Streetwise Professor

December 11, 2006

Is Bigger Better?

Filed under: Climate Change — The Professor @ 5:44 am

No, it’s not what you’re thinking. And it’s not about the CME-CBOT merger either. It’s about models–climate models, in fact.

I have been reading a lot about these models in recent months. They embody a convergence of academic interests–in energy (because global warming and the possible policy responses thereto will have a major impact on energy markets, and are leading to the creation of new commodity markets for carbon), and in numerical methods (I research and teach on numerical methods in finance).

I must say that the models are incredible achievements. They are extremely complex. Indeed, they are far more complex than even the most advanced derivatives pricing models. The typical derivatives valuation model is a 1 dimensional or 2 dimenional single-equation linear PDE. Climate models involve systems of non-linear PDEs. Moreover, climate models must characterize the behavior of complex weather phenomena (such as clouds and precipitation) that cannot be resolved due to their small scale (relative to the scale of the discretized grid on which the equations are solved). Due to their complexity, and the numerical constraints that must be satisfied to ensure stability of the solution, these models must be solved on state-of-the-art supercomputers (whereas even fairly sophisticated derivatives models can be solved on desktop machines.)

That said, there is room for skepticism about these models. The characterizations of small scale phenomena–the “parameterizations”–are often problematic. Important forcings (e.g., solar forcings not related to the intensity of the sun, aerosols) are poorly understood, or missing altogether. Similarly, important feedbacks may be missing or mischaracterized. If there are non-linearities in climate processes (a proposition for which there is considerable theoretical support) observational errors in initial conditions can lead to forecasting errors. Coupled ocean and atmospheric models require computational “fudges” to permit solution, and to give even passably realistic results.

These problems manifest themselves in some serious, but too seldom acknowledged, problems. These models have very little skill in predicting regional climate variations. Their predictions about tropical climate are particularly bad. Moreover, their predictions about tropospheric and surface warming differ substantially from observed data (which either indicates a problem in the models, or in the surface observations, or both). Predictions about precipitation and soil moisture are especially dubious. These empirical rejections of the models’ predictions should give everyone pause when interpreting the dire model-based forecasts of impending climate doom–but this is too seldom the case. Day after day I read in the press of studies predicting dire changes in regional climate–notably regional precipitation–based on models alone. The models’ poor track record in predicting regional climate variations and precipitation is seldom noted in these reports. The modelers have become like the Wizard of Oz–imposing, disembodied authorities speaking down to the little people, shrouded in smoke, illuminated by flashing lights, raging at those who dare question them. Pay no attention to the little man behind the curtain.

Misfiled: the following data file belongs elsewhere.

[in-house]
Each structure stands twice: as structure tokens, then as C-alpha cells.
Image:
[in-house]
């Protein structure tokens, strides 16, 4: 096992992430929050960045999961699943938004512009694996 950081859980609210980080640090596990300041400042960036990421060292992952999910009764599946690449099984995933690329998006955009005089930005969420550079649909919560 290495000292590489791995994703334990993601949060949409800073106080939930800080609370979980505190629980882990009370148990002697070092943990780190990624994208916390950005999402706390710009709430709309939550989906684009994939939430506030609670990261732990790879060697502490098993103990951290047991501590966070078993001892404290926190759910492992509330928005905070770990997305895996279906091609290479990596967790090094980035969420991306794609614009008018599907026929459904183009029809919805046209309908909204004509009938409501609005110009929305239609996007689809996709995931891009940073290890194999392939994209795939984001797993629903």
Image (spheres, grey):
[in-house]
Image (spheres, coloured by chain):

The analogy is not exact, but the situation reminds me of macroeconomics in the 1970s. That was the era of the big model with hundreds of equations. Those models were also tours de force, but it eventually became evident that bigger wasn’t better. The big models did not perform well. The real economy was too complex. The Lucas critique also showed that these models could not capture important feedback effects–notably, the maximizing responses of economic agents. The models became progressively more complex, but their performance did not improve dramatically, and as Lucas noted, they faced inherent limitations; you could make them bigger and bigger, but that didn’t mean they got that much better. There are still big models around, but their day has passed.

I wonder if the same might not happen in climate science.

One alternative to these structural models is reduced form time series models, like those described in Dobrovolski’s book on stochastic climate models. These models clearly have their own deficiencies. Notably, they do not specify the causal relations and feedback mechanisms in the way that structural climate models do. However, they do allow parsimonious characterizations of the data. Moreover, they exhibit different behaviors at different levels of temporal and spatial aggregation. These can provide benchmarks against which the structural models can be tested: can these models generate the same time series patterns as observed in the data, and the diversity of behaviors at different levels of aggregation? Through use of Kalman filtering and MCMC methods, these time series models can also handle the observational errors that are inherent in climate data. Thus, although the structural and time series approaches have largely evolved along separate paths, there seems to be considerable benefit to integrating them in some fashion.

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